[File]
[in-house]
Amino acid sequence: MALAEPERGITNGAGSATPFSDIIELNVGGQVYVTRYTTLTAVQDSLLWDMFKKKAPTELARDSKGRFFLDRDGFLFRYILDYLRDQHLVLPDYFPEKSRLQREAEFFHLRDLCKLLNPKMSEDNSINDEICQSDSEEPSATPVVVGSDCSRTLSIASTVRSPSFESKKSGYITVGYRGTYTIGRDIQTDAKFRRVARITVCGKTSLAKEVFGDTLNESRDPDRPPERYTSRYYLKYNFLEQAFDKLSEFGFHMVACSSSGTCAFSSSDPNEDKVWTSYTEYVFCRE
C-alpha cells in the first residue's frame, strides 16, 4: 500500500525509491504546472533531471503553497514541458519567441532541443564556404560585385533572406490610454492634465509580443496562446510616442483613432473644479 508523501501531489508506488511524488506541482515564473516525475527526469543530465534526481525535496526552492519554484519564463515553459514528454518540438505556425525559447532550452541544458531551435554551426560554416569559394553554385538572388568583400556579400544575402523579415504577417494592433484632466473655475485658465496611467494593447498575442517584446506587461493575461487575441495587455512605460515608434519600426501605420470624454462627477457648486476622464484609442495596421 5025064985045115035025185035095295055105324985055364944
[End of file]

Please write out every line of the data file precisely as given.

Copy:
[in-house]
Amino acid sequence: MALAEPERGITNGAGSATPFSDIIELNVGGQVYVTRYTTLTAVQDSLLWDMFKKKAPTELARDSKGRFFLDRDGFLFRYILDYLRDQHLVLPDYFPEKSRLQREAEFFHLRDLCKLLNPKMSEDNSINDEICQSDSEEPSATPVVVGSDCSRTLSIASTVRSPSFESKKSGYITVGYRGTYTIGRDIQTDAKFRRVARITVCGKTSLAKEVFGDTLNESRDPDRPPERYTSRYYLKYNFLEQAFDKLSEFGFHMVACSSSGTCAFSSSDPNEDKVWTSYTEYVFCRE
C-alpha cells in the first residue's frame, strides 16, 4: 500500500525509491504546472533531471503553497514541458519567441532541443564556404560585385533572406490610454492634465509580443496562446510616442483613432473644479 508523501501531489508506488511524488506541482515564473516525475527526469543530465534526481525535496526552492519554484519564463515553459514528454518540438505556425525559447532550452541544458531551435554551426560554416569559394553554385538572388568583400556579400544575402523579415504577417494592433484632466473655475485658465496611467494593447498575442517584446506587461493575461487575441495587455512605460515608434519600426501605420470624454462627477457648486476622464484609442495596421 5025064985045115035025185035095295055105324985055364944